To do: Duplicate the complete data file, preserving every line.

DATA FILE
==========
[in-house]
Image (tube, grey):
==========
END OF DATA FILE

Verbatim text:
[in-house]
Image (tube, grey):